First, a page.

In my last post, I mentioned a television series called Making Australia Happy, and promised that I’d introduce you to the ideas behind the show. This link leads to the web site attached to the show, as well as to a self assessment Happiness Test. You'll also find suggested guidelines for worksheets, links to the episodes, and the research behind the show. If you're think you could be depressed please seek professional support - if you don't know where to start, try Beyond Blue (link), Lifeline (link) or your local GP (General Medical Practitioner).
Whilst I found the format of the show a bit gimmicky in that it mirrored the games show format of ‘The Biggest Loser’ etc. I stuck with it because of the calibre of the presenters and quality research behind the programme. Normally I’d turn this kind of show off because I’d be very critical of, and skeptical about the validity of the content.
Eight people were selected from a miserable inner city suburb near Sydney. The promotional blurb states “Hoping to find greater fulfillment and meaning in their lives, they’ve signed up to an eight-week happiness program ... they discover that the road to happiness is tough, but that the rewards can be immense…”
They found that happiness changed their biology and the functioning of their brains in a very positive way.
Three professionals from different walks of life explained how their particular intervention would work and how it interlinked with the other two. It is known that each alone is beneficial, but the idea was to encourage each volunteer to adopt all three because of the positive gains when they’re used in combination.
1. Mindfulness was introduced by Dr Russ Harris. When I realized he was one of the presenters I was confident the show would be reputable. Russ trained me in the Mindfulness technique called ACT (Acceptance Commitment Therapy). I found him to be honest, trustworthy and he acts with integrity. I figured that if he was on board, the quality of the other techniques presented would be equally as good.
Dr Russ Harris taught the eight volunteers some simple, evidence-based techniques for cultivating mindfulness. These were taken from a model called ACT which teaches mindfulness skills through quick, simple exercises rather than the more traditional method of meditation.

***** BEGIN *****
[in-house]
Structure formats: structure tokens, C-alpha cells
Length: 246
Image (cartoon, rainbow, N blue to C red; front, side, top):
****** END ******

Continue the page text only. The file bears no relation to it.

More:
The promotional material goes on to say that Mindfulness means paying attention with openness, curiosity and flexibility. The technique (along with other meditation techniques) is gaining the attention of leading medical researchers, psychologists and neuroscientists who are studying the long term benefits for stressed people.
2. Positive Psychology focuses on the value of positive emotions, character traits and environments. The ideas behind Positive Psychology were pioneered by Dr Martin Seligman, and are based on a model of wellness and positive human functioning. A lot of research has been done which supports the benefits of this model. Dr Tony Grant introduces this section.
3. Physical health. A huge amount of research has also been done into the importance of improved physical health to support happiness. A physiotherapist, Anna-Louise Bouvier worked with the participants to look after their bodies, sleep patterns, diet and exercise. As the blurb says “in order to get the most out of their mental training, it was vital for the volunteers to be in good physical shape".
Check out the links, take the test if you want, and have a look at the show if you have time. There's a huge amount of good information and things to do.
Next I'll have a look at other strategies to support those recovering from bullying. I'll revisit ACT and mindfulness later on.